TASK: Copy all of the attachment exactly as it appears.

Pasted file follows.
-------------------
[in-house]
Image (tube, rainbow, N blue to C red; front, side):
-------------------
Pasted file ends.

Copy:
[in-house]
Image (tube, rainbow, N blue to C red; front, side):